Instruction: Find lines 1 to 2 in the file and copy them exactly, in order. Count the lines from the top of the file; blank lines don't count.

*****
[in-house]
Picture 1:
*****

[in-house]
Picture 1: